This is my hometown (although I don't live in that state nowadays. Long story) and have been to the CMA many, many times over the years especially the Cleveland Inst of Art across the street where I studied at. It's one of the top art museums in the country, if not globally. They have the right idea when they did the 40 feet wide touchscreen but I did'nt get to see it in person while on vacation last Fall.

To BBeagle, you're forgetting the point here. The iPad, or any other tablet device, used at the museum (or gallery) is a good tool for visual guidance, especially when the person is deaf. I've used recorded guided tours and they were a pain to use while using the hearing aid. Whereas, the tablet would have visual information right on the display.

In a sense this is good because it saves the museum from having to place text on the walls describing each piece.

@Squilly, it does'nt ruin the experience entirely because the images are low resolution to counter the web viewers. It's meant to entice, not to virtually visit. I know of their website and how they have a category of works on there but there is a massive difference in looking at art on screen and seeing the real thing in person.

I can tell you this. The Armor Court, upstairs on the second floor far back near the old art deco section, at the CMA kicks a$$. Even the medieval tapestries on the walls were so huge that it would take a lot of finger swiping and scrolling to view it in detail. It's far better to see them in person.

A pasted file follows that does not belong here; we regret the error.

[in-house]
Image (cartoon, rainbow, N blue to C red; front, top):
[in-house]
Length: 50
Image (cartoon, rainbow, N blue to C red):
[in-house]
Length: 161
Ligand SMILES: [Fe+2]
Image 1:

litmag01
Mar 21, 2013, 08:43 AM
Seems better than the lanyard audio-tour-wand-sabers.

I wonder how they manage loss prevention though.

KdParker
Mar 21, 2013, 09:09 AM
This was nice to have for the kids to get more info on pieces you are viewing (once they relized that can't download angry birds).

----------

that also means that super hot guided tour ladies will be becoming scarcer

Hasn't that already happened?

needfx
Mar 21, 2013, 09:12 AM
This was nice to have for the kids to get more info on pieces you are viewing (once they relized that can't download angry birds).

----------



Hasn't that already happened?

yes, 2 posts further up

Artful Dodger
Mar 21, 2013, 09:19 AM
I know first hand at big events here in Buffalo the wands are given out because of the masses and this helps only those that can hear and want a quick hurry hurry experience.

While it's good for some the whole missed point about having a guide (a real person) is to learn what isn't typed, previously recorded or labeled using any devise. Ask a question in response to what was just said, who answers? What if you notice something about said display, then what? Each has a place but I'm guessing unless any devise gets loaded with a good amount of features it will fall flat of what helps educate the uneducated in a good fun way properly. Though I guess I'm biased because of being in art since I was a few years old, studied at school, college and friends and I worked at the local galleries for the experience without iPads :cool: